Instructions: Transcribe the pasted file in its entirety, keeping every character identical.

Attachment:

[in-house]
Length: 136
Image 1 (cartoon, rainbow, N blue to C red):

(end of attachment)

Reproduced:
[in-house]
Length: 136
Image 1 (cartoon, rainbow, N blue to C red):